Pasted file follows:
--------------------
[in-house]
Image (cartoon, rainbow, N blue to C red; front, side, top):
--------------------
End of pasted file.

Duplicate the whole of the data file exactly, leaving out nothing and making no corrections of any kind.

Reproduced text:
[in-house]
Image (cartoon, rainbow, N blue to C red; front, side, top):